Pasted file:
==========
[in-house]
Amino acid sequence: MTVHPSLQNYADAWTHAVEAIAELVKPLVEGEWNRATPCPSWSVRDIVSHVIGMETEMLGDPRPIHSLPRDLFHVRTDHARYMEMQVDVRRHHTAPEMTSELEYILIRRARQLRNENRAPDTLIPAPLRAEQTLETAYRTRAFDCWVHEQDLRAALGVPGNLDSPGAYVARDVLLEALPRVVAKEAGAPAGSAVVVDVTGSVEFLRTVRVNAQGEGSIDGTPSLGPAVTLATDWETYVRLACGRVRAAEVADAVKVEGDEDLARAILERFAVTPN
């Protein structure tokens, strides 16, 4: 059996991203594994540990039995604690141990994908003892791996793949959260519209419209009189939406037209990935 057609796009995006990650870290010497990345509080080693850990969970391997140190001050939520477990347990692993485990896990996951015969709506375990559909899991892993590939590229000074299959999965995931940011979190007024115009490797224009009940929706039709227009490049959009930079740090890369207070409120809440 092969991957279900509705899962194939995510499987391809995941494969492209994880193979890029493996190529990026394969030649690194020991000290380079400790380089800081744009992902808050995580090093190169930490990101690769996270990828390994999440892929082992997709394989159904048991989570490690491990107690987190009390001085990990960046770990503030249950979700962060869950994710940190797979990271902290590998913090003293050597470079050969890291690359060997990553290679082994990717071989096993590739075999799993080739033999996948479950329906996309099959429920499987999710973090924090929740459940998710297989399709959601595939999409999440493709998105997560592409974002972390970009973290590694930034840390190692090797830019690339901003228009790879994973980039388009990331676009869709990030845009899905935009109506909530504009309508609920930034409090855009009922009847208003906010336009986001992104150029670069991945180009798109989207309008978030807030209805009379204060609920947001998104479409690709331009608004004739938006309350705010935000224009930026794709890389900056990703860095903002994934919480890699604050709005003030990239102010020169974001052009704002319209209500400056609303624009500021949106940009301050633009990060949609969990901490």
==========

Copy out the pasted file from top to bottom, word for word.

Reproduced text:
[in-house]
Amino acid sequence: MTVHPSLQNYADAWTHAVEAIAELVKPLVEGEWNRATPCPSWSVRDIVSHVIGMETEMLGDPRPIHSLPRDLFHVRTDHARYMEMQVDVRRHHTAPEMTSELEYILIRRARQLRNENRAPDTLIPAPLRAEQTLETAYRTRAFDCWVHEQDLRAALGVPGNLDSPGAYVARDVLLEALPRVVAKEAGAPAGSAVVVDVTGSVEFLRTVRVNAQGEGSIDGTPSLGPAVTLATDWETYVRLACGRVRAAEVADAVKVEGDEDLARAILERFAVTPN
């Protein structure tokens, strides 16, 4: 059996991203594994540990039995604690141990994908003892791996793949959260519209419209009189939406037209990935 057609796009995006990650870290010497990345509080080693850990969970391997140190001050939520477990347990692993485990896990996951015969709506375990559909899991892993590939590229000074299959999965995931940011979190007024115009490797224009009940929706039709227009490049959009930079740090890369207070409120809440 092969991957279900509705899962194939995510499987391809995941494969492209994880193979890029493996190529990026394969030649690194020991000290380079400790380089800081744009992902808050995580090093190169930490990101690769996270990828390994999440892929082992997709394989159904048991989570490690491990107690987190009390001085990990960046770990503030249950979700962060869950994710940190797979990271902290590998913090003293050597470079050969890291690359060997990553290679082994990717071989096993590739075999799993080739033999996948479950329906996309099959429920499987999710973090924090929740459940998710297989399709959601595939999409999440493709998105997560592409974002972390970009973290590694930034840390190692090797830019690339901003228009790879994973980039388009990331676009869709990030845009899905935009109506909530504009309508609920930034409090855009009922009847208003906010336009986001992104150029670069991945180009798109989207309008978030807030209805009379204060609920947001998104479409690709331009608004004739938006309350705010935000224009930026794709890389900056990703860095903002994934919480890699604050709005003030990239102010020169974001052009704002319209209500400056609303624009500021949106940009301050633009990060949609969990901490």